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Ugandan President Yoweri Museveni announced on November 10th that Uganda's military operation against the Allied Democratic Forces (ADF) rebel group in the Democratic Republic of Congo has killed over 560 militants since 2021. However, analysts warn that Museveni's related call for Congolese militias to supplement efforts against the ISIS-linked ADF risks aggravating instability.
In an address, Museveni claimed Uganda's Operation Shujaa has inflicted major damage on the ADF in eastern DRC. He cited 567 rebels killed, 50 captured, and 32 surrendered, with multiple ammunition caches seized. The ADF has been largely expelled from bordering areas and pushed toward Ituri province.
Museveni credited Ugandan troops with "clearing" the Rwenzori mountains of ADF presence alongside Congolese forces. But he admitted the militants retain some capacity to regroup and cause trouble absent continuous military pressure.
In response, the Ugandan leader proposed deploying local Congolese militia to guard recaptured villages and prevent ADF re-infiltration. Mobile Ugandan units would actively pursue rebels under this approach, with militia providing static village defense.
However, analysts warn enlisting local armed groups risks further destabilizing conflict-prone eastern Congo. Empowering militia forces with murky allegiances could sow increased violence toward civilians.
Uganda considers the ADF an acute national security threat due to a spate of deadly bombings attributed to the group on Ugandan soil. Museveni vowed retaliation for attempted attacks on Kampala using improvised explosive devices in November.
But completely neutralizing the ADF's cross-border capabilities has proven elusive for Ugandan forces. Mountainous jungle terrain and porous borders limit military efforts. Persistent ADF attacks despite claimed Ugandan progress also test Museveni's reassurances.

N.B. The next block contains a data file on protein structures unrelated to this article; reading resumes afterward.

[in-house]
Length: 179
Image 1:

Moreover, distrust between Ugandan and Congolese forces complicates coordinated counterinsurgency operations. Congo controversially declined to renew a previous UPDF authorization to pursue the ADF on Congolese soil. Museveni may lack influence with Congo's government to effectively implement joint security initiatives.
Still, the UPDF remains determined to degrade the ADF, which has killed thousands of Congolese civilians while increasingly targeting Uganda. Expanding cooperation with volatile local militias signals Uganda's commitment to containing the threat through unconventional means if required.
But such calculated risks have backfired before in the Congo. Indigenous armed groups have violently turned on each other and the government during periods of instability. Empowering militia to fight the ADF today could sow the seeds of greater upheaval tomorrow.
With ISIS injecting the ADF with weapons and tactical training in recent years, a purely military solution remains elusive. A comprehensive political and economic stabilization strategy in neglected eastern Congo is widely seen as the only sustainable remedy to rebel recruitment and attacks.
In the absence of such comprehensive approaches, Museveni appears resigned to indefinite counterinsurgency operations against a fluid ADF threat. But his controversial gambit to supplement UPDF troops with local militias could have unpredictable consequences. With armed groups and civiliansboth suffering from ADF attacks, Museveni may be wise to exercise caution before adding fuel to Congo's complex conflict.
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